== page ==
Comfort was more questionable -  careering along in one of these monsters could be a terrifying experience. They were too unstable to cope safely with the road surfaces, they were often overcrowded and cramped and, naturally, the service was beset with maladministration. Here is what Mercier has to say in his Tableau de Paris:


"Turgottines"
Public carriages, so called at the time of the changes which M. Turgot made in all the mail-coach services of the kingdom, with the aid of an exclusive government privilege.

The journey in these vehicles is so miserable that it could give rise to the erroneous idea that the minister deliberately set out to torture people. The body of the carriage is so narrow, and the seats so crowded, that, when it comes to getting out, travellers have to ask their neighbours for the return of  their arms and legs. The step up is inconveniently high and impractical for women.

If there happens to be a passenger with a  big belly or large shoulders, everyone  must suffer; you groan and put up with it or you abandon your journey.

They make travellers leave at two o'clock in the morning in winter in order to spend extravagant amounts of  time in the offices at four in the evening and so that they can deal with packages which have nothing to do with the passengers.  There are offices where travellers are forced to wait at midnight under the stars, in a windy courtyard, while they unload immense quantities of merchandise; and when you complain, they reply that "such is the will of the king"....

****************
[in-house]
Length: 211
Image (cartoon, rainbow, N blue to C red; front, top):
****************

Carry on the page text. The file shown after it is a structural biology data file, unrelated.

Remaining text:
They harness skinny post horses, often half-flayed, to these monstrous machines, loaded up with people and even more overloaded with chests and cases.  Only a fool could imagine it was possible to run a stagecoach service with vehicles this heavy; but its inventors didn't care if they killed the horses or made men suffer. Gain makes the coaches roll in their imaginations and, come what may,  they must get them on the roads.....

The regulations governing these privileged stagecoaches always put the interests of the freight before those of the traveller. Pregnant women, convalescents and those of a delicate constitution find the suspension so basic, the seats so narrow, the step down so dangerous, that they consider it a torment to enter the coach and a joy to finally escape.

Whilst manufacturers in London strive to build coaches which are lighter but still as solid, in order to spare the horses, we have made ours heavier and heavier....The passage of such a vehicle is terrifying; a tremendous noise precedes it and announces its arrival.  If it goes downhill too quickly, it is in danger of overturning; if an accident happens and the enormous carriage does overbalance, it is useless to ask the director  for  the cost of your arms and your legs; he will coldly show you his privilege and look upon your person as one more package for which he is not liable....

Louis-Sébastien Mercier Tableau de Paris,  New ed. Amsterdam 1783. Vol. 5 p. 331-4.
http://books.google.co.uk/books?id=WUMPAAAAQAAJ&pg=PA331&lpg#v=onepage&q&f=false

References

 L'histoire des postes et des télécommunications en Alsace, website.
http://www.shpta.com/

Patrick Marchand, Voyager en France au temps de la poste aux chevaux
http://www.laposte.fr/chp/mediasPdf/PMarchand.pdf